- the line formed along the horizontal center of a standard-sized newspaper when it is folded after printing.
- a rough-and-ready dividing line, especially on the front page and other principal pages, between stories of primary and lesser importance.
- to break down; collapse: He folded up when the prosecutor discredited his story.
- to fail, especially to go out of business.
Origin of fold1
OTHER WORDS FROM foldfold·a·ble, adjective
Other definitions for fold (2 of 3)
Origin of fold2
Other definitions for fold (3 of 3)
WORDS THAT USE -FOLD
What does -fold mean?
The combining form –fold is used like a suffix meaning “of so many parts.” It can also denote multiplication by the number indicated by the first part of the word. It is occasionally used in technical terms.
Examples of -fold
An example of a word you may have encountered that features –fold is twofold, “having two elements or parts.”
The two– part of the word represents the number “two.” As we have seen, –fold means “of so many parts.” Twofold literally means “of two parts.” It can also mean “twice as much.”
What are some words that use the combining form –fold?
What are some other forms that –fold may be commonly confused with?
Not every word that ends with the exact letters –fold, e.g., scaffold or billfold, is necessarily using the combining form –fold to denote “of so many parts.” Learn why scaffold means “raised framework” at our entry for the word.
How to use fold in a sentence
While some stray from the fold, most stay with the same pack their entire lives.Mongooses, Meerkats, and Ants, Oh My! Why Some Animals Keep Mating All in the Family|Helen Thompson|December 29, 2014|DAILY BEAST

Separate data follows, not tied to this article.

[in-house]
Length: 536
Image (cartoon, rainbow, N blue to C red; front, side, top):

Fold the parchment paper with the dry ingredients in half and pour into the stand mixer.Make ‘The Chew’s’ Carla Hall’s Sticky Toffee Pudding|Carla Hall|December 28, 2014|DAILY BEAST
Fold over the edges and crimp, then trim any remaining excess.
The parental fold may be about to envelope you—and yet also drive you mad.
They see him bringing working-class whites and Southerners into the fold in a way that no other Democrat could.
With a power over nature multiplied a hundred fold, nature still conquers us.The Unsolved Riddle of Social Justice|Stephen Leacock
Fleurette he did not meet until he brought back the sight-seers to the fold in the evening.The Joyous Adventures of Aristide Pujol|William J. Locke
The second High-Pockets produced a worn bill-fold and extracted a pink union permit.Nine Men in Time|Noel Miller Loomis
If you use an envelope, and this custom is now universal, fold your letter neatly to fit into it; then direct on the envelope.The Ladies' Book of Etiquette, and Manual of Politeness|Florence Hartley
Rabbah was to be a sheep-fold, Babylon a menagerie of wild beasts—a very specific difference and very improbable.Gospel Philosophy|J. H. Ward
British Dictionary definitions for fold (1 of 3)
Derived forms of foldfoldable, adjective
Word Origin for fold
British Dictionary definitions for fold (2 of 3)
- a small enclosure or pen for sheep or other livestock, where they can be gathered
- the sheep or other livestock gathered in such an enclosure
- a flock of sheep
- a herd of Highland cattle
Word Origin for fold
British Dictionary definitions for fold (3 of 3)
Word Origin for -fold
Medical definitions for fold
Scientific definitions for fold
Other Idioms and Phrases with fold
In addition to the idioms beginning with fold
- fold one's tent
- fold up
- return to the fold